How to work with photos with a dynamic range bridging 12 f-stops and more

The human eye can perceive approximately 24 f-stops ( when considering the pupil opening and closing in relationship to the light coming in. In contrast, the highest dynamic range a digital camera has achieved so far, is 14 f-stops, which is roughly the same as the most sensitive film (Kodak Vision3, a motion picture film). In order to display the high dynamic range (HDR) of a natural scene with bright and dark areas, you will need to create a HDR image that has been made up of multiple photos.

These photos must be shot, each with a specific dynamic range in mind. For example, one take for the dark areas, one for the mid-tones, and one for the brightest areas. Combined these three shots will often span the entire dynamic range of a scene. Equally often you will need more shots to ensure proper detail in every range of light values your camera is capable of.

HDR doesn’t exist in the film world. Film has a preset dynamic range, such as Kodak Portra 160NC/VC having a range of 12 f-stops. Many scanners can’t even scan the entire range of this film, so your scanner software will need to find a way to work around it if it wants to render the film across its entire range of greyscale values.

SilverFast 8 has a feature that does this: Multi-Exposure. Multi-Exposure takes two scans that are processed together afterwards. It first scans for the upper greyscale values range, then for the dark areas (or vice versa). Multi-Exposure won SilverFast an award (European Digital Press Association’s European Digital Press Association’s “Best Colour Management software of the Year” prize in 2008) and was already available on higher-end scanners such as the Epson Perfection V700/V750 Photo/Pro flatbed scanners.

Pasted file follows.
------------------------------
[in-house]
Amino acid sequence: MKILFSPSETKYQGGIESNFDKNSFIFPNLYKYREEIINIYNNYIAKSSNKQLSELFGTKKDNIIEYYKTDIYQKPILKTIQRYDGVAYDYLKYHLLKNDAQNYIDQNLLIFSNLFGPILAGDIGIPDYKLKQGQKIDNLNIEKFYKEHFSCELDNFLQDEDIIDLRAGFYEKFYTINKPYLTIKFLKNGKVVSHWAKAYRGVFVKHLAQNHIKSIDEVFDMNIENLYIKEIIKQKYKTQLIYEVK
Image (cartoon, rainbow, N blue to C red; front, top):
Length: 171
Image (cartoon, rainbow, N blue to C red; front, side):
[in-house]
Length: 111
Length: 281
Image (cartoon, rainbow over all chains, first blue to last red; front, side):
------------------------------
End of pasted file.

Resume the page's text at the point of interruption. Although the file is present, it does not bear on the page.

Recently, SilverFast has developed a version of this algorithm for the Canoscan 9000F Mk II specifically as well. You might wonder why Multi-Exposure wasn’t yet available for this Canoscan sooner. Timing for this type of high-end features largely depends on the scanner manufacturer. The Canoscan couldn’t previously scan wide dynamic range film.

But now, with SilverFast 8, the Canoscan’s greyscale value range has jumped from 1379 to a whopping 9950 values! If you have a film negative, a Kodachrome, or a transmissive positive (a slide) with very dark and very bright areas, it pays off to try scanning it with the Canoscan 9000F Mk II and SilverFast 8’s Multi-exposure. You’ll be surprised at the results. In one fell swoop you’ll also see a dramatic noise reduction…

A more in-depth article on scanning for high dynamic range is here.

This entry was posted in: Photography


J.D. – Copywriter – Tech. Writer – Editor at Visuals Producer – Contributor at Photoshop User, Studio Daily – Sub-editor at RedShark News